This new era of democracy is the same as Pakistan's first political history. Major political parties are seeking to suspend the 1985 elections because of other neutral platforms. In addition to political parties, voters focus on local issues that extend the majority of the party to certain parties. It is clear that the people of Pakistan are keen to participate in the democratic process and have no desire to run, with 52.9% of votes for the Assembly and 56.9% of votes for constituencies.

President Zia's first step was to introduce amendments to the 1973 law that would strengthen his parliamentary system. The eighth amendment is the worst of the people's faith in the democratic system. Then the president will have full control and authority to take every step, which he feels is necessary to ensure the stability of the country. For the next twelve years, the president has used this amendment to oust several ministers from office, primarily because of personal conflicts or insecurity.

After the 1988 election, Muhammad Khan Junejo was elected prime minister, with a full vote of confidence by the State Council. Junejo appears to be a promising role in the Pakistani government; has encouraged a positive transition from the military to the government, which has generated optimism about Pakistan's democratic process. For his first years in office, Junejo was able to strike a balance between establishing his confidence as a member of parliament and democracy to ensure President Zia's success. She has developed a five-part program aimed at improving development, literacy rates, eliminating corruption and increasing the status of the average male. He developed foreign policy and demanded a large sum of money from heavy military spending. But on May 29, 1988, President Zia abolished the National Assembly and sacked the Prime Minister under Article 58-2-b of the Constitution. He said that Jenejo had planned to ruin his position; he blamed the National Assembly for its corruption and inability to enforce the Muslim way of life.

Opposition parties supported Zia's decision because it worked in their favor, giving her the first choice. They have called for the election to be scheduled for ninety days according to the constitution. President Zia interpreted this constitutional issue differently. He felt compelled to announce the election schedule within 90 days after the election. At the same time, he wanted to hold a non-party election in 1985, but the Supreme Court ruled that this was contrary to the spirit of the constitution. Political turmoil arises from Zia's proposal to postpone elections to organize the political system in the name of Islam. There were fears that Zia could impose martial law and a Muslim League split between Zia and Junejo supporters. All of this came as a shock when Zia died in a plane crash on March 17.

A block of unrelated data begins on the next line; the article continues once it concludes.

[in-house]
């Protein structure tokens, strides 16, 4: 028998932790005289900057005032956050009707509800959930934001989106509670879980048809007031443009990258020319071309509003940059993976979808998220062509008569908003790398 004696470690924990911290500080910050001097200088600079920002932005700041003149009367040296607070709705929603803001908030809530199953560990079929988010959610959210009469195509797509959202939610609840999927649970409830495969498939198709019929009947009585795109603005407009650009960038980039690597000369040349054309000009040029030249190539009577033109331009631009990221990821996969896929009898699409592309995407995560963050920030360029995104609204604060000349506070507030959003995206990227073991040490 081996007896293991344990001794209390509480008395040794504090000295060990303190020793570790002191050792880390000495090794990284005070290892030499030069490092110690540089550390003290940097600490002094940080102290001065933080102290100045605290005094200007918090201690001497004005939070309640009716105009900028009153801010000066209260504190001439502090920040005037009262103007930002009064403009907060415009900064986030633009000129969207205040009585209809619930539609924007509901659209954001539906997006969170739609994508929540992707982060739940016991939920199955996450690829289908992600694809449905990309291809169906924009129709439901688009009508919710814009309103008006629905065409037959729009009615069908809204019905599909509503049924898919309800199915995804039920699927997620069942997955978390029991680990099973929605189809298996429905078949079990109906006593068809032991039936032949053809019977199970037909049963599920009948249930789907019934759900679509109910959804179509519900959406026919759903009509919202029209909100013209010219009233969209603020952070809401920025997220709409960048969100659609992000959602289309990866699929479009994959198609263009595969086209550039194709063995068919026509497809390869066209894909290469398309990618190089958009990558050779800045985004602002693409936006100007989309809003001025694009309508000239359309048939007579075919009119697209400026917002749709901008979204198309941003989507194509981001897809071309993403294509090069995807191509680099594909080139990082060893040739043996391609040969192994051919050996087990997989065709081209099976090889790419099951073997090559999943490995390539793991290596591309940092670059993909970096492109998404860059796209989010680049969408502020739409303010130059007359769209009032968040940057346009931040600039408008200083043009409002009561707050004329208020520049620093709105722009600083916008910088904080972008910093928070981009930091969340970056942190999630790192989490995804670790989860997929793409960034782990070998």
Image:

Ghulam Ishaq Khan sworn in as president is the Senate chairman and the election is based. What surprised foreign observers who feared the military could easily take power. The November 1988 election was based on the party's political platform for the first time in fifteen years. No party wins the majority of the House of Representatives unless the Pakistan People's Party emerges as the only one. Benazir Bhutto, chairman of the PPP, was named prime minister after the PPP formed a coalition of small organizations to form the working class. It is hoped Bhutto will work with opposition leader Nawaz Sharif of IJI, who heads the Spanish-majority party in the region. But they are soon installing a new wave of hatred and reducing the economy with bribes to other politicians to turn to their organizations. These reports without improving economic conditions have damaged the image of the central government. In 1990, President ousted Bhutto under the constitutional amendment, a decision upheld by the Supreme Court. So the election is held two years later.

Pakistanis have lost confidence in the democratic system. They felt it was rotten and unpredictable and based on the plundering of the army and the civilians. This attitude was reinforced by the fact that Nawaz Sharif was made prime minister in 1990, and he was ousted in 1993 despite investing in liberalization, restoring the confidence of domestic and international investors, that the investment increased by 17.6%. And as a result, GDP grew at a rate of 6.9% while inflation remained below 10%. Ghulam President Ishaq Khan is accused of conspiring with Benazir Bhutto in Sharif's sacking. For the first time in Pakistan's history, the Supreme Court has declared the expulsion of the National Assembly and Sharif unconstitutional, overturning Sharif and the Assembly. The move indicates that the presidency is not a superpower, but the events that show the government is uncertain. The corruption and crisis of the Ghulam castle led to a rebellion in Punjab in 1993, which represented Sharif and his party as unfit. This situation caused a stir in the administration which led to the intervention of Army Chief of Staff Abdul Waheed Kaker. It has been agreed that the president and the prime minister will resign and a new election will be held.